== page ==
Scanners are everywhere these days it seems, and the laser barcode scanner is the most common of them all. It is also known to many people by other names, such as barcode reader or price checker. You can find one attached to nearly every cash register and airport ticket kiosk. The laser barcode scanner has reduced the time we spend waiting in queues, and it has allowed a new generation of self-service checkouts to flourish. It is also used for checking out library books, managing inventories in warehouses, and looking up the details of documents. This incredible tool has already changed we work and shop, and new applications for it are being found every day.
Anyone old enough to remember when cashiers had to manually entered prices will also remember how long it took to clear the checkout. Getting through a shopping cart full of groceries could easily take more than five minutes. The introduction of the laser barcode scanner cut the waiting time by more than half, and improved the accuracy of the total amount by reducing errors. Shoppers no longer feel the need to check their dockets because they are almost never wrong. It also removed the need to manually change the prices whenever products were on special. The almost infinite number of possible barcodes allows them to be applied to most things we use today.
Over the years, the laser barcode scanner has changed and improved, and there are now three main types that are commonly used. The original scanners contained nothing more than a laser beam and a light detector. You had to move them from left to right to read the barcode, but they only worked when moved at the right speed. A novice operator often had to scan a barcode several times until it was done at the right speed. The next innovation was to add a spinning mirror that moved the laser beam across the pattern. This removed the need for the operator to move the scanner or the product, and made the whole process much faster and simpler. The latest innovation is the use of tiny CCD cameras instead of lasers to read barcodes.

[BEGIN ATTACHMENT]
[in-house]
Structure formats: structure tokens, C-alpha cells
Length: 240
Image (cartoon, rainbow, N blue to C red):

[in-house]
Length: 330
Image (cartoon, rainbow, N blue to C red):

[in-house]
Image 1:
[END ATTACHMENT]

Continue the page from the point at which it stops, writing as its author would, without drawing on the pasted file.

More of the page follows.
The shape and size of a laser barcode scanner is designed to suit a specific task. The ergonomics of the scanner is also important for operators who use one all day. Pen scanners need to be compact and lightweight so that they can be swiped across a barcode. Handheld scanners that are pointed at a barcode are larger and heavier because they have a motor-driven prism to direct the laser beam. There are also models that have a sleeve which allows them to be worn around the wrist, freeing the operator to use both hands to carry other things. The new generation of CCD scanners that are replacing handheld scanners are smaller and lighter because they do not have a motor-driven prism.
With so many different types of laser barcode scanner on the market, it pays to take a close look at the list of features before buying a particular model. The scanning rate, resolution, and working distance from the barcode should all be check first. The scanner should have a light or buzzer that tells the operator when a barcode has been successfully scanned. If the scanner is a wired model, check that the cable is long enough and that is has the right type of plug. For a wireless model, check that it has sufficient range and supports the right protocols. Some tasks require that the scanner be Global Trade Item Name (GTIN) compliant or support Advanced Data Formatting (ADF). You should expect to pay between $50 and $200 for each scanner depending on the features you need.